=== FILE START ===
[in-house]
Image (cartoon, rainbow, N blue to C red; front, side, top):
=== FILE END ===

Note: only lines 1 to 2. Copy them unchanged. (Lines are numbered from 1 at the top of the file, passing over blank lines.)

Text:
[in-house]
Image (cartoon, rainbow, N blue to C red; front, side, top):